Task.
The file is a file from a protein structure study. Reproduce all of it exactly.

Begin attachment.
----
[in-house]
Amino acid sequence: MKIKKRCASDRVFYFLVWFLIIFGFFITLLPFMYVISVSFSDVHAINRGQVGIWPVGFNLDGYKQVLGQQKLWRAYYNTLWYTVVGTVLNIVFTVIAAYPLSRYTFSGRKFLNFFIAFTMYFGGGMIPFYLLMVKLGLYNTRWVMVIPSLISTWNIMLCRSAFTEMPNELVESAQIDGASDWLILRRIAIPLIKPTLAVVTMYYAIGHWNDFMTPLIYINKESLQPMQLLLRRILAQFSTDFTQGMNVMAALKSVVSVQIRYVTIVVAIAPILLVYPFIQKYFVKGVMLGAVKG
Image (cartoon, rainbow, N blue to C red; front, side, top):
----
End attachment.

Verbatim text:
[in-house]
Amino acid sequence: MKIKKRCASDRVFYFLVWFLIIFGFFITLLPFMYVISVSFSDVHAINRGQVGIWPVGFNLDGYKQVLGQQKLWRAYYNTLWYTVVGTVLNIVFTVIAAYPLSRYTFSGRKFLNFFIAFTMYFGGGMIPFYLLMVKLGLYNTRWVMVIPSLISTWNIMLCRSAFTEMPNELVESAQIDGASDWLILRRIAIPLIKPTLAVVTMYYAIGHWNDFMTPLIYINKESLQPMQLLLRRILAQFSTDFTQGMNVMAALKSVVSVQIRYVTIVVAIAPILLVYPFIQKYFVKGVMLGAVKG
Image (cartoon, rainbow, N blue to C red; front, side, top):